You were onto this scandal long before anyone else in the media, yet you got very little credit for that. How did that make you feel as you watched the trial?Reading Jason's blog (and also Karen's) afforded me the opportunity to watch the Nagin scandals unfold in extreme slow motion before anyone took them seriously. I appreciate the importance of rigor in verifying your reporting but there was an extended period when Jason seemed to be pretty obviously on to something and was largely dismissed as a crank. Despite the fact that there are talented reporters working in New Orleans I think this episode demonstrates how conservative and groupthinky their profession can be sometimes.
I’d be lying if I said it didn’t bother me. I sat through about 70 percent of the trial and I watched other journalists being praised by the prosecution for at least a few stories I know I broke, namely the granite deal between Stone Age and Cornerstone, the HSOA subsidiary, and the existence of the credit card Meffert was using under Netmethods’ name. Perhaps I’m taking it too personally, but I think there was an effort to diminish my role by both the prosecution and other journalistic entities. From the prosecution side I understand that the last word they wanted coming up in this trial was “blogger” in the wake of the commenting scandal, but on the journalistic side it’s tough to read commentary that dismisses and diminishes the work on the blog. Yes, much of my work was sourced anonymously, but this is not uncommon in journalistic endeavors, and ultimately the accuracy of the work should speak for itself. I’m a big defender of anonymity, but I suppose that’s another argument altogether.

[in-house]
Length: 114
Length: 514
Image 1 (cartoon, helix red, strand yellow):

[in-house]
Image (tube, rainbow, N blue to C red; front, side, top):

The real turning point, in fact, came when Karen started to get some traction with the NOAH story. Lee Zurik ended up getting a lot of (deserved) credit for this but it also helped that this was a time when Gambit became the first media outlet to really take these "bloggers" seriously.
So, even though I still think this whole Nagin business is probably Clancy's fault in some way, his paper deserves an attaboy for helping call attention to the people who made sure the story was told.